There is a salary cap line, a luxury tax line, a first tax apron and a second tax apron. Teams are allowed to exceed all of them – with varying degrees of penalty – to construct a roster. But at a certain point, the league says, no, that’s far enough and “hard caps” a team.

In short, if a team chooses to make a specific move and the result is a hard cap, it means just that – they absolutely cannot exceed the apron they are at. No mid-season trades. No buyout signings. Nothing.

Last season, 20 teams were hard-capped at the first tax apron. Denver was hard-capped at the second tax apron.

On a theoretical level, the Bucks could do the following:

  • Send cash as part of a trade, like when they sent money to Orlando last year to acquire the draft rights to Andre Jackson Jr.

  • Trade Pat Connaughton and MarJon Beauchamp to Portland for defensive wing Matisse Thybulle.

But using cash in a deal or aggregating two players for one would trigger the hard cap – and the Bucks would be stuck with nine to 12 players on their roster.

NBA teams must have at least 14 guaranteed contracts by opening night.

Yet the hard cap would not allow them to sign any more. But they legally cannot field a team with fewer than 14. So what would have to happen? They’d have to begin shedding massive amounts of salary for literally nothing in return.

Some teams actively choose to be hard-capped because they feel acquiring a specific player is worth restricting the roster in such a way, but it is a near impossibility to do this in Milwaukee if the goal is to win a title in 2024-25.

More: What to know about the Milwaukee Bucks players’ contracts, salary cap

The Bucks are going to need trade help

The Bucks can still make a trade, but they effectively cannot send out multiple players for a single player.

And they cannot take in more money than they’re sending out.

It’s also important to remember that the Bucks are in win-now mode. They only traded Jrue Holiday because they acquired Lillard. If they were to trade Middleton or Lopez, it must be for an all-star or all-NBA-level player who can help them win the championship in 2024-25.

That drastically narrows the list of available players.

It gets further narrowed when you factor in the restrictions the Bucks face but also the restrictions potential trade partners have.

Let’s just say Milwaukee and Cleveland decide on draft night to trade their big men, with the Bucks sending Lopez and his $23 million salary to the Cavaliers for Jarrett Allen and his $20 million deal. The Bucks likely will have to sweeten their offer with one or both of their draft picks, as Allen is younger and has one more year left on his contract.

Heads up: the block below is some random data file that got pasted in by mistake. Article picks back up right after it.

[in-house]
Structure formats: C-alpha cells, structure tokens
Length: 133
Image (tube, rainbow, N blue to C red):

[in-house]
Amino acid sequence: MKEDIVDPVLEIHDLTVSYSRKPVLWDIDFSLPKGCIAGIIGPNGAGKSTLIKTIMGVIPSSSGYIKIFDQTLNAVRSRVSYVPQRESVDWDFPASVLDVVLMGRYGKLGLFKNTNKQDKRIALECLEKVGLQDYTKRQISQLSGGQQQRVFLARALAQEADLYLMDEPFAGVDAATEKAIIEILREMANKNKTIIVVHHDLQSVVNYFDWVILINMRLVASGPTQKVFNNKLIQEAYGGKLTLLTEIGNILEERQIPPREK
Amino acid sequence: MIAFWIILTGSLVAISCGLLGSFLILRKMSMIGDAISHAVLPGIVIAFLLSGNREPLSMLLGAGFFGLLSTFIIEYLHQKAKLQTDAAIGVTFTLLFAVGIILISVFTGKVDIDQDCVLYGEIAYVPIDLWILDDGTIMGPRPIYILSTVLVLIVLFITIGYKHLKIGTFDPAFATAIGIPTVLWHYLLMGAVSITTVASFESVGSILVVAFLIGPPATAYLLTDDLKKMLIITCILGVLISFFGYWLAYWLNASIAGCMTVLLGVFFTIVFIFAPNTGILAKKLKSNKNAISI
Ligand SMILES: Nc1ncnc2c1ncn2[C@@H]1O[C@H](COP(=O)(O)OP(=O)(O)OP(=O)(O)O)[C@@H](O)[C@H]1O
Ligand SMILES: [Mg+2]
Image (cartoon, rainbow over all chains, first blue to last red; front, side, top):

But it’s not that simple.

The Cavaliers were a first-apron team last year and are close to that threshold already. Adding Lopez’s additional $3 million along with two picks may be untenable for them. That means the Cavaliers not only must want to make the trade with the Bucks, but also be willing to trade another rostered player to a third team to manage their finances.

An important note: The Bucks can trade their picks after the draft and it will not count as an aggregated salary – as long as they don’t sign the players. At that point, they’ll just be sending the rights to that player out in the deal.

Why would the Bucks eschew two potential draft picks for an older veteran?

Coach Doc Rivers answered that, too.

“There's a lot of talk about young guys and we'll play anybody, but I'll take an old, athletic guy, too,” Rivers said. “It doesn't have to be a young guy, it just has to be a guy with more length and more speed and more pace and more skill.”

Just as it seems the Bucks have little ability to continue changing the roster to compete for a title, Horst has found a way. This summer will be more difficult than most – but not impossible.

This article originally appeared on Milwaukee Journal Sentinel: What are the Milwaukee Bucks looking to do in the 2024 NBA draft?